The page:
HCM City Party Secretary Dinh La Thang has urged HCM City authorities to develop a long-term plan to prevent worsening flooding at the country’s largest airport.
|The Tan Son Nhat International Airport is flooded after downpour. (Source: hiepthanhphu.com.vn)|
Thang met with representatives from the ministries of Transport and National Defense and other agencies in HCM City on September 19 to discuss flood-prevention measures at Tan Son Nhat International Airport in Tan Binh District.
Thang said that flooding at the airport, an important brand for national aviation, was causing a bad image among Vietnamese and foreign passengers.
“The city cannot resolve the problem effectively alone, but needs cooperation from relevant ministries and agencies,” he said.
Thang said that all agencies should make preparations for flooding and ensure airport safety and operations.
Under the plan, the city would be responsible for upgrading all airport infrastructure and roads leading to the airport.
Tasks for specific agencies responsible for flood prevention would also be included in the plan.
Thang urged the city’s Transport Department to complete flood-prevention and traffic congestion prevention projects at the airport, and report to the Government if needs assistance with special incentives to speed up the project.
Thang also said the city would be responsible for finding land to build a reservoir at the airport and ensure that it operates effectively.
Nguyen Ngoc Cong, Director of the HCM City Flood Control Centre, said heavy downpours on August 26 and September 11 caused serious flooding at several sections on the airport’s aprons where aircraft park and passengers board.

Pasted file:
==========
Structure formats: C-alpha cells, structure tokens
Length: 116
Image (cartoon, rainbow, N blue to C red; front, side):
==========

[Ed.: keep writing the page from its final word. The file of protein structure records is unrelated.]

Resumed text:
The most serious flooding was caused on August 26, leaving at least four aprons inundated.
“After visiting the site, city agencies attributed the problem to rubbish from canal A41. Residents have built housing on the banks of the two-km canal, affecting the flow of water,” Cong said.
Cong said the centre would build a reservoir to collect rainwater. Long-term solutions would include investing in dredging and expanding the canal to ensure the release of water.
Cong said Tan Binh District authorities would be responsible for the entire project, including site clearance, compensation, construction and management.
The district authority must be held responsible for violations such as illegal building of structures near the canals, Cong said.
Bui Xuan Cuong, Director of the Transport Department, has urged Tan Binh District to immediately resolve any area that causes blockage of water from rubbish, and improve the pumping and releasing of water from the canal.
Dang Tuan Tu, Director of Tan Son Nhat International Airport, said it was important to establish a pump station at the canal area and speed up site clearance work at the canal.
Senior lieutenant-general Vo Van Tuan of the Defense Ministry said the construction of a reservoir was vital to control flooding and provide water for fire-fighting at the airport.
Le Van Khoa, Vice Chairman of the city’s People’s Committee, urged Tan Binh District to complete site clearance to develop the project to upgrade the canal, which would involve 163 affected households (29 households would have to be relocated) by June next year.
Khoa set a deadline for the completion of the project by 2018, one year earlier than the city’s previous plan.
Last week, Nguyen Thanh Phong, Chairman of the city People’s Committee, together with representatives from agencies, visited the canal and saw the serious problem of illegal construction near the canal by local residents.
Phong has asked Tan Binh District to assess compensation amounts for site clearance so the canal can be expanded.
He also asked the Finance Department to advance capital to develop the project soon.
The aircraft repair company under the Defense Ministry and the Southern Airports
have been asked to enhance maintenance of the drainage system in the airport area.
Last year, Tan Son Nhat International Airport faced risk of closure as flooding threatened a power station supplying electricity to air traffic control facilities.
Some areas in the airport were under 20 cm of water following rains in October last year, and the power station was flooded.
Sandbags were used to keep the water out of some facilities.
Drainage problems in nearby canals, half of which are used by local residents to dump rubbish, were blamed for the inundation.
The airport management urged city authorities to take urgent action to deal with flooding that could force a temporary closure of the airport.